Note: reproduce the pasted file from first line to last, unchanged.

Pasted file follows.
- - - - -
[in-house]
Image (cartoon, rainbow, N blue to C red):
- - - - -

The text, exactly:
[in-house]
Image (cartoon, rainbow, N blue to C red):